Cover Story: Jennifer Lawrence, Star Without A Script

The bar of the Plaza Athénée, an elegant Upper East Side hotel, is empty save for an elderly French couple sipping Bordeaux at two P.M. when in bursts a tall blonde crackling with energy. It is Jennifer Lawrence, wearing a black cashmere sweater, jeans ripped at the knee, and black boots, her platinum hair chopped into a chic bob. Delicate gold jewelry circles her wrists, neck, and fingers, and her most pronounced accessory, a security team, looms nearby.

She orders tea and explains, “I am playing a ballerina in my next movie, so my first step is not drinking alcohol for every meal of the day. Obviously I’m still drinking every day,” she adds, in the same engaging, infectious manner America has come to love.

While most millennials are navigating student debt and entry-level employment, Lawrence, who turned 26 in August, hasn’t so much achieved the Hollywood dream as crushed and re-invented it by blazing an unprecedented career trajectory. In the past five years, she has won an Oscar (in 2013, for Silver Linings Playbook), earned three additional nominations (for Winter’s Bone, American Hustle, and Joy), collected three Golden Globes, gone full superhero in the $4-billion-grossing X-Men series, and fronted the nearly $3-billion-grossing Hunger Games franchise. With her next film, Passengers, Sony’s science-fiction romance, opening December 21, Lawrence has joined Julia Roberts in an elite league of actresses who have commanded $20 million for a movie. (Lawrence will also reportedly receive 30 percent of the film’s profits after it breaks even.) While Roberts reached this paycheck peak when she was 32 (for Erin Brockovich), Lawrence has already done so, a mere six years after skyrocketing out of obscurity. (For additional perspective, Passengers marks Lawrence’s 20th film, while Meryl Streep did not appear on-screen in a feature film until she was 28.)

With her franchises behind her, Lawrence has lined up a flurry of roles to fill the next chapter of her career: the aforementioned Russian ballerina (turned spy) in Red Sparrow, directed by The Hunger Games filmmaker Francis Lawrence; war photographer Lynsey Addario in It’s What I Do, directed by Steven Spielberg; and Elizabeth Holmes, the controversial founder of the scandal-plagued Silicon Valley health-technology company Theranos, in Bad Blood, written and directed by Adam McKay. She also has a role in Mother, a home-invasion horror movie directed by Darren Aronofsky, which was shot last summer in Montreal. “I don’t like waking up with nothing to do or going to sleep without accomplishing anything,” Lawrence says. “That really depresses me.”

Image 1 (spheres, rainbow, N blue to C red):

VIDEO: 128 Seconds with Jennifer Lawrence

She had her big breakout role at the age of nine, when she played a prostitute from Nineveh in a church play in her native Louisville, Kentucky. Lawrence was so unexpectedly convincing—“swinging her booty and strutting her stuff,” her mother has said—that family friends told her parents, “We don’t know if we should congratulate you or not, because your kid’s a great prostitute.” Five years later, Lawrence was discovered by a modeling scout and was so eager to embark on her career that she left high school early with a G.E.D. and moved to New York.

Having reportedly banked $46 million last year—making her the highest-paid actress two years in a row—Lawrence is a long way from the horse farm where she was raised by her mother (the owner of a children’s-camp) and father (the owner of a contracting business), along with two older brothers. She is still a typical twentysomething in some ways, but with some extraordinary caveats. She is obsessed with Beyoncé’s Lemonade, for example, but receives texts referencing the lyric “Becky with the good hair” from David O. Russell, her three-time director (Silver Linings Playbook, American Hustle, Joy). “I mentioned the album and he just wanted me to know that he listened and cares.”

She also met Beyoncé herself and verifies that, in person, the superstar “looks like she was sent directly from heaven.” She watches Real Housewives but texts executive producer Andy Cohen with feedback. (She produces her phone from a black purse to recite her last mobile missive to him: “Please somehow get this to the Real Housewives of O.C.: Shannon, your mother-in-law is a dirty bastard and you are completely right. Meghan, you have got to stop apologizing—these women are better at arguing than you. Sincerely, Jennifer’s period.”) She is occasionally struck by insecurity and calls Paris Fashion Week “the most intimidating time to be alive. You get ready in your hotel and you’re like, ‘I look awesome.’ Then you walk outside, see the outfits and people who are like seven feet tall, and are like, I am a piece of garbage. I’m not going out anymore.’ ” But, having worked with Dior since 2012, she manages to get through it.

She worships the usual icons, but, more and more, they approach her, as Paul McCartney did to compliment her dancing to “Live and Let Die” in American Hustle. “I don’t think I spoke back,” she says. “I just dropped my jaw and cried.”

Source : http://www.vanityfair.com/hollywood/2016/11/jennifer-lawrence-cover-story

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